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Intel® Parallel Studio XE 2015 Composer Edition for Linux Silent Installation Guide

Intel® Parallel Studio XE 2015 Composer Edition for Linux
"Silent" or non-interactive Installation Instructions

 

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Linux and Mac OS X Compilers Installation Help Center: /en-us/articles/intel-compilers-linux-installation-help

 

Contents of this document:

 

  • Developers
  • Linux*
  • C/C++
  • Fortran
  • Advanced
  • Intermediate
  • Cluster Tools
  • Compilers
  • silent installation
  • Development Tools
  • How Intel® AVX2 Improves Performance on Server Applications

    The latest Intel® Xeon® processor E5 v3 family includes a feature called Intel® Advanced Vector Extensions 2 (Intel® AVX2), which can potentially improve application performance related to high performance computing, databases, and video processing. Here we will explain the context, and provide an example of how using Intel® AVX2 improved performance for a commonly known benchmark.

  • Developers
  • Partners
  • Students
  • Linux*
  • Server
  • Intermediate
  • Intel® C++ Compiler
  • AVX2
  • AVX
  • SSE
  • server
  • High Performance Linpack
  • LINPACK Benchmark
  • Linpack
  • Enterprise
  • Parallel Computing
  • Threading
  • Vectorization
  • Improve Intel MKL Performance for Small Problems: The Use of MKL_DIRECT_CALL

    One of the big new features introduced in the Intel MKL 11.2 is the greatly improved performance for small problem sizes. In 11.2, this improvement focuses on xGEMM functions (matrix multiplication). Out of the box, there is already a version-to-version improvement (from Intel MKL 11.1 to Intel MKL 11.2). But on top of it, Intel MKL introduces a new control that can lead to further significant performance boost for small matrices. Users can enable this control when linking with Intel MKL by specifying "-DMKL_DIRECT_CALL" or "-DMKL_DIRECT_CALL_SEQ".

  • Developers
  • Professors
  • Apple OS X*
  • Linux*
  • Microsoft Windows* (XP, Vista, 7)
  • Microsoft Windows* 8
  • Unix*
  • Server
  • C/C++
  • Fortran
  • Advanced
  • Beginner
  • Intermediate
  • Intel® Math Kernel Library
  • small matrix
  • performance
  • Optimization
  • Checking for unitialized variables using init compiler option

    The Intel® Fortran Compiler 15.0 provides new capability for checking certain uses of uninitialized variables.   This new capability is provided by the -init option on Linux* and OS X*, and the /Qinit option on Windows*

    This option allows initializing a class of saved variables to either zero or to signaling NaN. Variables affected include variables with an explicit SAVE attribute and those variables that are implicitly saved, with the following key exceptions:

  • Apple OS X*
  • Linux*
  • Microsoft Windows* (XP, Vista, 7)
  • Microsoft Windows* 8
  • Fortran
  • Intel® Fortran Compiler
  • What’s New in the Intel Compiler

    The list below summarizes new features in the Intel® C++ Compiler 15.0 and the Intel® Fortran Compiler 15.0. For more details about changes in the Intel compilers since the previous release, including a list of new options, please refer to the ‘What’s New’ section in the release notes (C++, Fortran).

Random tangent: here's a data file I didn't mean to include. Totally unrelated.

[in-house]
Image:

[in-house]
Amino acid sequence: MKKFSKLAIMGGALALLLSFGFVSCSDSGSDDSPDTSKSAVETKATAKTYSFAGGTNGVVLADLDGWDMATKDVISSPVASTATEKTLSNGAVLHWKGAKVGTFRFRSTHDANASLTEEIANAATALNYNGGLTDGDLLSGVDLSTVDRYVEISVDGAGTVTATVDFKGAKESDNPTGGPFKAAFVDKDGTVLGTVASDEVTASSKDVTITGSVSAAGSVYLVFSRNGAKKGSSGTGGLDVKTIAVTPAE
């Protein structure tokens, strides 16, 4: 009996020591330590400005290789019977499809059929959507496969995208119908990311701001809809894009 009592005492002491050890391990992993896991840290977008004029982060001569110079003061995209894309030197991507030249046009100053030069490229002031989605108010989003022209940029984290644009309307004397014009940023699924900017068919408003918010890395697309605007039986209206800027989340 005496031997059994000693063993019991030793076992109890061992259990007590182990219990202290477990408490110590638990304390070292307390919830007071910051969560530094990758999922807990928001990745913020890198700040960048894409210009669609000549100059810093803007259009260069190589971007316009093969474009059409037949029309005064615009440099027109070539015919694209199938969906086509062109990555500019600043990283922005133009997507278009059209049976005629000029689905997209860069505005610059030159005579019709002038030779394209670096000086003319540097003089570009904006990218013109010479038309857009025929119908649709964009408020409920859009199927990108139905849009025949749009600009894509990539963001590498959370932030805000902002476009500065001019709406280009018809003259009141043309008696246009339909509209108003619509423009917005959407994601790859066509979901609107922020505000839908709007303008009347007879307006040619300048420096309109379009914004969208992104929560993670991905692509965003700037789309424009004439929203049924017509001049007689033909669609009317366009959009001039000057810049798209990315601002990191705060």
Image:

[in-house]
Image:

• Developers
  • Linux*
  • Microsoft Windows* (XP, Vista, 7)
  • Microsoft Windows* 8
  • C/C++
  • Fortran
  • Advanced
  • Beginner
  • Intermediate
  • Intel® C++ Compiler
  • Intel® Fortran Compiler
  • OpenMP*
  • Development Tools
  • Intel® Core™ Processors
  • Intel® Many Integrated Core Architecture
  • Optimization
  • Parallel Computing
  • Threading
  • Vectorization
  • Intel® C++ Compiler 15.0 for Linux Sets “-ansi-alias” by Default, Noncompliant Code May Fail

    Beginning with version 15.0, the Intel® C++ Compiler for Linux enables -ansi-alias by default at optimization level 2 (-O2). The -ansi-alias option indicates that the code complies with ANSI aliasing rules.

    If the application code adheres to ANSI aliasing rules, this change allows the compiler to make aggressive optimizations. The effect of this change on runtime performance depends on the application, the optimization methods supported by the compiler, and the compiler switches used.

  • Developers
  • Linux*
  • C/C++
  • Intermediate
  • Intel® C++ Compiler
  • Intel® Many Integrated Core Architecture
  • Optimization
  • Vectorization
  • Intel Compilers - Supported compiler versions

    The following compiler versions are supported:

    • Intel® C++ and [Visual] Fortran Compiler XE 15.0 (Intel® Parallel Studio XE 2015)
    • Intel® C++ and [Visual] Fortran Compiler XE 14.0 (Intel® Parallel Studio XE 2013 SP1)
    • Intel® C++ and [Visual] Fortran Compiler XE 13.1 (Intel® Parallel Studio XE 2013)

    The general policy is that the current version and two previous major versions are supported.

  • Developers
  • Professors
  • Students
  • Apple OS X*
  • Linux*
  • Microsoft Windows* (XP, Vista, 7)
  • Microsoft Windows* 8
  • C/C++
  • Fortran
  • Compilers
  • Intel® C++ Compiler
  • Intel® C++ Composer XE
  • Intel® Fortran Compiler
  • Intel® Visual Fortran Composer XE
  • support
  • VersionSpecific
  • OpenMP* 4.0 Features in Intel Compiler 15.0

    Intel® C++ Compiler 15.0 and Intel® Fortran Compiler 15.0 support the OpenMP* 4.0 standard, with the exception of user-defined reductions. Refer to the compiler documentation (C++ | Fortran) for more information.

    Intel C++ Compiler 15.0 and Intel Fortran Compiler 15.0 adds support for several OpenMP* 4.0 features and directives as defined by the OpenMP* 4.0 specification:

  • Developers
  • C/C++
  • Fortran
  • Intermediate
  • Intel® C++ Compiler
  • Intel® Fortran Compiler
  • OpenMP*
  • Intel® Many Integrated Core Architecture
  • Optimization
  • Vectorization
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